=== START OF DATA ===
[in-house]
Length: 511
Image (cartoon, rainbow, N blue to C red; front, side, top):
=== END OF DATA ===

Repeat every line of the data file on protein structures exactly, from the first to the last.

[in-house]
Length: 511
Image (cartoon, rainbow, N blue to C red; front, side, top):